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Employers obligations with COVID-19

Posted by on 17 March 2020 | Comments

Employers obligations with COVID-19

This article is written by Mikayla Hughes.

Now that New Zealand has confirmed COVID-19 (“coronavirus”) cases, it is important that employers understand their obligations pursuant to the Employment Relations Act 2000, Holidays Act 2003 and Health and Safety at Work Act 2015 (“HSWA”). As the situation is still evolving, employers should closely monitor information about coronavirus from credible sources (which are being updated as necessary) including:

From the outset, it is important that employers communicate with staff and provide information to them about coronavirus including:

  • Practical tips for prevention;
  • Symptoms of coronavirus;
  • Advice on what the employee should do if they have any symptoms of coronavirus;
  • The employer’s approach to overseas travel; and
  • Where the employee can find further information.

We would recommend that this take the form of a policy that is distributed to staff and can be updated as further information comes to light. If an employee raises any questions, concerns or practical issues with the policy, the employer should consider and address these.

Whether or not an employer is required to pay employee sick leave and/or annual leave will depend on the specific circumstances. An issue may arise for instance where the employee is not him/herself ill but is required to self–isolate due to having been in contact with a known sufferer of the virus.  Or they may be required to stay home to look after children in the event a school has closed. An employer will be required to act in accordance with the employment agreement, including their good faith obligations but will also need to balance this with their duty of care under the HSWA. This may involve exploring alternative solutions with each employee such as working from home or allowing an employee to take annual leave and/or sick leave in advance. There is no “one size fits all” answer but our employment team can provide guidance on an employer’s rights and obligations as required.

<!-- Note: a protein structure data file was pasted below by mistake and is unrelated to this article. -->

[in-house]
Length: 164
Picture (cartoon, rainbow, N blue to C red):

From 1am on Monday 16 March, every person arriving into New Zealand (except those coming from the Pacific islands) will have to self-isolate for 14 days. If an employee is required to self-isolate but is not actually sick, they will ordinarily not be entitled to paid sick leave (as the circumstances do not fall within the definition of sick leave. Notwithstanding this, given the unprecedented circumstances, employers could agree that the employee can utilise their sick leave and/or annual leave entitlements. Alternatively, the employer could consider making arrangements so the employee can work from home or allowing the employee to take annual leave in advance. Any agreement of this nature should be recorded in writing.

Finally, please do not hesitate to contact one of our employment lawyers if your business has been significantly affected by the economic impact of coronavirus and you need to consider changes to your workforce or reducing employees’ hours of work.

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